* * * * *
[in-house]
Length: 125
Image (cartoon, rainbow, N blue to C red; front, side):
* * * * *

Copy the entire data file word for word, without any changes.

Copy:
[in-house]
Length: 125
Image (cartoon, rainbow, N blue to C red; front, side):